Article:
Porn Proof Your Child

Plug the Holes: More Gaps
© 2007 Teresa Cook

Girls watching television
With the advent of the Internet, pornography distribution exploded. Now 74 percent of young people can easily access sexually explicit material from home at the click of a button.1 But the Internet is still not the only means by which porn can reach your child.
If you’ve read my published articles, you know that our son became addicted to pornography through cable channels that were supposed to be blocked but were only partially scrambled. We didn’t subscribe to these channels—or anything other than basic cable TV—and we didn’t know they were transmitting hard-core pornography into our home.
Take the offensive and avoid being blindsided like we were. Below are means you can use to protect your child from pornography exposure from television as well as other sources.

  • If you have cable television, call your provider and insist they put a filter or “trap” on your cable to completely block all channels to which you do not subscribe.
  • Learn to use the parental controls on your cable or satellite television and set them stringently. Check your user’s guide, quick start menu, or visit for instructions.
  • If your television has a V-Chip, go to to learn how to use it. Keep in mind, however, that today’s rating system is not the same as the rating system forty years ago. Programs with objectionable content may still pass through the controls.
  • Do not allow your child to have a TV in his or her bedroom. A 2005 study showed that an astounding 68 percent of American children have televisions in their bedrooms.2 And 44 percent of kids say they watch something different when they’re alone than with their parents.3 When our son was about twelve, he asked for a television for his room for Christmas and can still recall how angry he felt when we refused. He now believes it was one of the wisest decisions we ever made.
  • Teach your children to be discriminating in what they watch. R-rated movies and many of today’s television programs are nothing but soft-core pornography. Most PG-13 and many PG movies are not any better. Watch with your children and don’t be afraid to turn the TV off.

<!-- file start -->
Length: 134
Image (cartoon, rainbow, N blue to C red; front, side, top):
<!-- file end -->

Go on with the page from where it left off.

• **Read reviews of movies at Focus on the Family’s PluggedInOnline at Do the same for TV shows on the Parents Television Council’s Family Guide to Prime Time Television at
  • Select video games carefully. Many video games have sexual content. Pay attention to game ratings since even popular family games may have versions with adult content (we found a mature version of the Sims in which players could watch the “couple” have sex in their bedroom). Pornographic content that can be unlocked by a code children obtain on the Internet may also be hidden in games (read about such a case at
  • **Review video games before buying at or
Reading material
  • Old-fashioned girlie magazines still exist and can still trap your child’s mind. If you suspect your child is looking at Playboy, Penthouse, or others, confront him about it and search his room if necessary.
  • Pornographic material can take unexpected forms. Many men’s health magazines are just disguised porn. I still remember an article in one magazine our son’s friend recommended to him entitled “Sex So Good It Hurts.” It was as bad as it sounds. The pictures were worse. Many teen girl magazines and romance novels can also be pornographic in nature. Even clothing catalogs have been known to contain objectionable pictures and content. Know what your children read.
  • If you believe Sports Illustrated swimsuit issues are unacceptable, be aware that other sports magazines may also contain pictures of scantily-clad females. One paintball magazine I recently saw fit this category.
  • Toss the underwear ads. In today’s anything-goes society, this may sound ridiculous, but these pictures provide another source of temptation that many teen boys, and even men, find hard to resist. In his book, When Good Men Are Tempted, Bill Perkins tells of waiting anxiously for the Sunday paper so he could sit for hours and gape at the ads. They posed the same problem for our son. Would it really be so hard to pitch the ads and ban Victoria’s Secret?
  • Censor your child’s music. Yes, I said the C word. Much music today, especially rap, is sexually graphic. Don’t buy the line “I don’t listen to the words. I just like the beat.” Check PluggedInOnline for music reviews at
  • Watch your credit card and phone bills for charges to 900 numbers. Many times charges for phone sex are the first warning parents get that their child has been watching pornography and taken it to the next level. Call your telephone company and ask them to block 900 number access from your phone (a free service).
  • If your child has a cell phone, call your provider and block Internet access to their phones. Some cell phone companies provide parental controls for Internet access, but the controls are either set to off (default) or on, with no other options available. Research thoroughly before choosing this option. For more information, see
As important as they are, these procedures are only one step in the battle against pornography. Though you can never chink all the cracks through which pornography might reach your children, you can clothe them with God’s protective armor and give them weapons they can use to defend themselves. Future articles will focus on porn proofing your child as well as your home.


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